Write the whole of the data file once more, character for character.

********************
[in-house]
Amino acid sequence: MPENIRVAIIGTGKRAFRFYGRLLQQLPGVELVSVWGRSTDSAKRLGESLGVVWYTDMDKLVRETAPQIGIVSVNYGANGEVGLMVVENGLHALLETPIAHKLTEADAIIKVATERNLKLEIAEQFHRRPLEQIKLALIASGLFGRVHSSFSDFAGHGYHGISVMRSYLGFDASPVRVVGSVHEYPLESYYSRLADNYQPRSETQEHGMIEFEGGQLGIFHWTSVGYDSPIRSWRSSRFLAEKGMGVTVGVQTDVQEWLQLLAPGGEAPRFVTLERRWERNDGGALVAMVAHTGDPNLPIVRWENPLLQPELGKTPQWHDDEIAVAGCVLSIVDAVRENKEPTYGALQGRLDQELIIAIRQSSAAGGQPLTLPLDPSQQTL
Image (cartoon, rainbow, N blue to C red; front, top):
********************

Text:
[in-house]
Amino acid sequence: MPENIRVAIIGTGKRAFRFYGRLLQQLPGVELVSVWGRSTDSAKRLGESLGVVWYTDMDKLVRETAPQIGIVSVNYGANGEVGLMVVENGLHALLETPIAHKLTEADAIIKVATERNLKLEIAEQFHRRPLEQIKLALIASGLFGRVHSSFSDFAGHGYHGISVMRSYLGFDASPVRVVGSVHEYPLESYYSRLADNYQPRSETQEHGMIEFEGGQLGIFHWTSVGYDSPIRSWRSSRFLAEKGMGVTVGVQTDVQEWLQLLAPGGEAPRFVTLERRWERNDGGALVAMVAHTGDPNLPIVRWENPLLQPELGKTPQWHDDEIAVAGCVLSIVDAVRENKEPTYGALQGRLDQELIIAIRQSSAAGGQPLTLPLDPSQQTL
Image (cartoon, rainbow, N blue to C red; front, top):